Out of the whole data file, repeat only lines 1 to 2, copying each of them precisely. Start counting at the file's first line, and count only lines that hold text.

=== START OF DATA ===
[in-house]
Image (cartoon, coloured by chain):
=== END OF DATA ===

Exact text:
[in-house]
Image (cartoon, coloured by chain):